Ethical hacker Brian Self visits Fraud Busting. We dive deep into how people have paid him to break into hospital and government systems both online and in person, and how you can strengthen your systems to avoid being a victim. He reveals how to become a hacker yourself and gives inside information on voting machine hacking in US elections. This one is juicy.
Bonus: Here’s Brian’s Info sheet— 7 steps to protect yourself and your company from hackers.
Traci Brown: Brian, thank you so much for coming on Fraud Busting. It’s so great to have you.
Brian Self: Finally, yes.
Traci Brown: It took a little convincing. It took a little bit of convincing. But you know, I knew it wouldn’t take too long because I know you. We’ve known each other for how long? Like 15 years maybe?
Brian Self: Yea, probably that long.
Traci Brown: Yea, yea.
Brian Self: A little bit longer, but I don’t want to age myself or yourself.
Traci Brown: Well, I’m still 29, so we met when we were . . . (Laughing).
Brian Self: I’m 21 plus or minus a lot.
Traci Brown: There you go. Alright. This is super interesting because I’ve never really dug into what you do. I know surface level, you’re an ethical hacker, and I’ve known just bits and pieces of what you’ve been doing. Let’s just dive in because we’re talking about fraud and all the ways that people can manage to steal money which is probably the biggest thing, but also time and energy. What do you do all day? Let’s talk about that, or maybe how you’re trained. I’ll let you take it however you want.
Brian Self: Well, what I do all day is I read about all the latest, greatest hacks and wonder, who has all the time to find all these? I mean, there are tons of different vulnerabilities, just different risks that are out there. I’m reading about those every day. I am bringing up systems, breaking them, taking them back down, testing them. I do that all the time. Believe it or not, I do that for fun. That’s kind of the weird thing. Yea. I’m one of those guys that likes to go in and know how things work. I do call myself a hacker, but I do want to define the word a little bit different than what the media defines it as.
Traci Brown: Yea. Let’s talk about that. Tell us your definition and then how that parlays into how you make money from that.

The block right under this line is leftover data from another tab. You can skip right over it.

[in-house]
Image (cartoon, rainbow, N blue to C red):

Brian Self: Sure. I define a hacker as somebody who is just curious. They want to know how things work. Years and years ago I came from MIT. With trains, they would hack on the trains to get them to work, solder different things, put different things together. That’s kind of where a hacker came from. I take it as this curiosity mindset. The media has a little bit different view. They’ve kind of run with it that a hacker is a bad guy. But really there’s good and bad. Hence, there is a white hat hacker and a black hat hacker.
Traci Brown: Yea, yea.
Brian Self: In westerns, you’ve got the white hat, that’s a good guy. The black hat’s the bad guy.
Traci Brown: Right.
Brian Self: It’s not as clear cut but that’s fundamentally where we come back to within security. Are you a white hat hacker, black hat, or there are those that are gray hat that are kind of in between. They do some mischievous things but try to do it for good too, so there are even the gray hats that are in the middle.
Traci Brown: Oh, wow. Okay. You’ve got the bad guys, the good guys, and the guys that kind of are on the fence sometimes. What do those guys do?
Brian Self: They do a little bit of everything. They’ll go through and do the vulnerable disclosures and they say, hey, I contacted this company and I found this thing and company x is fixing it. Well, they never really had permission to do that, so that’s a little bit of a gray area. The law says you really shouldn’t hack without permission, and that’s where I really come back to. Ethical hacking is doing what I do with permission. For your site, I don’t just go out to your site and start dabbling around to see what I can find. I would seek your permission first. We’d have some contracts in place so that I have my get out of jail free card so it is agreed that I can do these things legally, representing you and looking to see what I might be able to find, say on your website or if it’s a business network, that’s where it starts to make more sense for the scope too, is business wise. A healthcare organization would hire me to come in and test their security controls. We have firewalls. We have antivirus. We believe we’re safe and we’re secure. Nobody can get in. And then I guess a password in 10 minutes.
Traci Brown: Let’s talk about that. Let’s talk about guessing the password. Because that’s one thing. Remember we’ve had a conversation about this.
Brian Self: Several.
Traci Brown: I believe there was an executive who almost didn’t believe that you could do it. It was only exclusively for the bad guys, and then you guessed his password and that’s how you got the job. What does that really take to do that?